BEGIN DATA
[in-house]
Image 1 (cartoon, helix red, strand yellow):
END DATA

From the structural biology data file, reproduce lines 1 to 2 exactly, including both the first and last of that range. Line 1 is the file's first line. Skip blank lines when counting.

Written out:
[in-house]
Image 1 (cartoon, helix red, strand yellow):